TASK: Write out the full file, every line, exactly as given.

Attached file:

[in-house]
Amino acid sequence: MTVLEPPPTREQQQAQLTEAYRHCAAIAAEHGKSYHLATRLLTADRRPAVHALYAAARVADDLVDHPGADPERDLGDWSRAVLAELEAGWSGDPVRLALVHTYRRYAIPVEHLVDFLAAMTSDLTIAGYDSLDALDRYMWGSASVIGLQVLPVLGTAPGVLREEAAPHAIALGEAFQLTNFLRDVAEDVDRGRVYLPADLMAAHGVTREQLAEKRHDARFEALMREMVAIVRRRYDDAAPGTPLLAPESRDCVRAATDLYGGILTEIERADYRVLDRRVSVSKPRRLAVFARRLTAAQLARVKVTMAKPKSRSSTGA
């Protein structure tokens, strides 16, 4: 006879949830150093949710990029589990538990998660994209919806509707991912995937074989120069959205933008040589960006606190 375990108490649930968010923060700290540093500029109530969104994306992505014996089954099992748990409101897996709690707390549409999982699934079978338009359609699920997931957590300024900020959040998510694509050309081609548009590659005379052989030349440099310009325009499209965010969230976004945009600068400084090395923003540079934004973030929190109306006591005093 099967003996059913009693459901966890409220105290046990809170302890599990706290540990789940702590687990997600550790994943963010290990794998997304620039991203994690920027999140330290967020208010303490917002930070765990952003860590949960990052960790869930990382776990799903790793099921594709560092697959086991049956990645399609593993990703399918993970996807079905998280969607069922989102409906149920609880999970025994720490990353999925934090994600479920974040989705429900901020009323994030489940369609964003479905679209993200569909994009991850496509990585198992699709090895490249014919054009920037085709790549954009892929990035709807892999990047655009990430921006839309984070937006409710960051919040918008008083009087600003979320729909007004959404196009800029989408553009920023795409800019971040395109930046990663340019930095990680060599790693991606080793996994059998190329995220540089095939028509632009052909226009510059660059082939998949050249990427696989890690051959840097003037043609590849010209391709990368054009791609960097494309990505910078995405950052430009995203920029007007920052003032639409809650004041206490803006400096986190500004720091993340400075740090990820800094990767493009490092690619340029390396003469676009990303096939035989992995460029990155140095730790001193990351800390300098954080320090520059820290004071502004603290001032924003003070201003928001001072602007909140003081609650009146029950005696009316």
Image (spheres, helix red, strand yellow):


[in-house]
Amino acid sequence: MTVLEPPPTREQQQAQLTEAYRHCAAIAAEHGKSYHLATRLLTADRRPAVHALYAAARVADDLVDHPGADPERDLGDWSRAVLAELEAGWSGDPVRLALVHTYRRYAIPVEHLVDFLAAMTSDLTIAGYDSLDALDRYMWGSASVIGLQVLPVLGTAPGVLREEAAPHAIALGEAFQLTNFLRDVAEDVDRGRVYLPADLMAAHGVTREQLAEKRHDARFEALMREMVAIVRRRYDDAAPGTPLLAPESRDCVRAATDLYGGILTEIERADYRVLDRRVSVSKPRRLAVFARRLTAAQLARVKVTMAKPKSRSSTGA
């Protein structure tokens, strides 16, 4: 006879949830150093949710990029589990538990998660994209919806509707991912995937074989120069959205933008040589960006606190 375990108490649930968010923060700290540093500029109530969104994306992505014996089954099992748990409101897996709690707390549409999982699934079978338009359609699920997931957590300024900020959040998510694509050309081609548009590659005379052989030349440099310009325009499209965010969230976004945009600068400084090395923003540079934004973030929190109306006591005093 099967003996059913009693459901966890409220105290046990809170302890599990706290540990789940702590687990997600550790994943963010290990794998997304620039991203994690920027999140330290967020208010303490917002930070765990952003860590949960990052960790869930990382776990799903790793099921594709560092697959086991049956990645399609593993990703399918993970996807079905998280969607069922989102409906149920609880999970025994720490990353999925934090994600479920974040989705429900901020009323994030489940369609964003479905679209993200569909994009991850496509990585198992699709090895490249014919054009920037085709790549954009892929990035709807892999990047655009990430921006839309984070937006409710960051919040918008008083009087600003979320729909007004959404196009800029989408553009920023795409800019971040395109930046990663340019930095990680060599790693991606080793996994059998190329995220540089095939028509632009052909226009510059660059082939998949050249990427696989890690051959840097003037043609590849010209391709990368054009791609960097494309990505910078995405950052430009995203920029007007920052003032639409809650004041206490803006400096986190500004720091993340400075740090990820800094990767493009490092690619340029390396003469676009990303096939035989992995460029990155140095730790001193990351800390300098954080320090520059820290004071502004603290001032924003003070201003928001001072602007909140003081609650009146029950005696009316």
Image (spheres, helix red, strand yellow):